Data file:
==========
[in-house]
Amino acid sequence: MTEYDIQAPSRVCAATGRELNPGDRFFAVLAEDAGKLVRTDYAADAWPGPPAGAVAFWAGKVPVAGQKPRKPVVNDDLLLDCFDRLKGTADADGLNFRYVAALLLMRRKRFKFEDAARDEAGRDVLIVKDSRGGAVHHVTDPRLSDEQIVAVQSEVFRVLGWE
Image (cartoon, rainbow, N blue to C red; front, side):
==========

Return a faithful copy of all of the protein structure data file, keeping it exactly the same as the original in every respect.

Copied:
[in-house]
Amino acid sequence: MTEYDIQAPSRVCAATGRELNPGDRFFAVLAEDAGKLVRTDYAADAWPGPPAGAVAFWAGKVPVAGQKPRKPVVNDDLLLDCFDRLKGTADADGLNFRYVAALLLMRRKRFKFEDAARDEAGRDVLIVKDSRGGAVHHVTDPRLSDEQIVAVQSEVFRVLGWE
Image (cartoon, rainbow, N blue to C red; front, side):